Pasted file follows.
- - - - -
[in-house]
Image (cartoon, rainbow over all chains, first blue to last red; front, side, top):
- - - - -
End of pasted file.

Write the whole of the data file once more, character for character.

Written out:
[in-house]
Image (cartoon, rainbow over all chains, first blue to last red; front, side, top):